In her garden in western Ukraine, Ivanna Kuziv, a retired accountant in her late 60s, collects an armful of yellow daffodils and bluebells to sell at the market.
The fact that the flowers in her garden are wearing the colors of the national flag this week is purely coincidental, she says.
“But I like it. It’s in honor of Ukraine.”
Since Russia invaded their country in February, the population of the surrounding town of Vynnyky has shrunk.
Many mothers and children have fled abroad, leaving behind the men struggling for work and waiting to be drafted.
“People are scared,” she says.
But spring doesn’t wait, and the garden she inherited from her great-grandmother is in full bloom.
Most days of the week, Kuziv grabs a few daffodils, throws them in a bucket filled with water, and heads into town to sell them.
Ukrainian children are taught that the national flag consists of two colored stripes, one representing the blue sky and the other a field of wheat.
In Lviv, these colors have become ubiquitous – in fluttering flags wedged in car doors, in patriotic dumplings and cakes served in restaurants, but also in bouquets of flowers.
In the city center, two women in long coats carry large saffron and indigo daisies to the cathedral for a well-attended military funeral.
Among the dozens of men and women who silently walk behind the hearse afterwards, a soldier clutches dangling tulips of both colors in his fist.
On the platform, a 22-year-old soldier with 101 yellow tulips wrapped in blue ribbon is impatiently awaiting the arrival of his girlfriend from the embattled East, who has not been seen for two months.
Olga Fityo-Styslo sells two types of daffodils at the flower market – one in its natural color, the other tinted after feeding a mixture of water and navy blue ink.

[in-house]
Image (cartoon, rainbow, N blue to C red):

“We have a war going on and the color of the flag is blue and yellow,” she says.
“But since there are no blue flowers in early spring, I decided to give nature a little boost.”
The 55-year-old, who has been selling flowers at the market since 1996, said she stopped working for a few days after the war broke out.
When she returned in early March, she was surprised to have so many customers.
The city’s population had been swelled by families fleeing war-torn eastern and southern Ukraine with very little.
“There were a lot of displaced people and they wanted flowers,” she says.
“They find something positive in them.”
Though not the nation’s colors, bright petals are all over the western city.
Holding a huge bouquet of fuchsias, roses and tulips, a doctor’s assistant on leave waits for her friend to withdraw money from an ATM. It’s the friend’s birthday and they’re going for a walk.
At the foot of a Marian monument, an old woman prays in front of jars of pink tulips. The statue was surrounded by scaffolding, but those trying to protect it from the Russian bombardment seem to have run out of sandbags.
But the flower business isn’t doing as well as it used to, says florist Myroslava Kumechko.
In addition to buckets full of daffodils, says the 40-year-old, 70 percent of her business before the war came from baptisms, anniversaries and weddings.
But that income is gone now, and she can’t stay in the market too long because she has to go home to her three kids who are studying online.
“It’s not like it used to be,” she says.
https://www.ibtimes.com/embattled-ukraine-spring-flowers-take-patriotic-hues-3476109?utm_source=Public&utm_medium=Feed&utm_campaign=Distribution In embattled Ukraine, spring flowers take on patriotic hues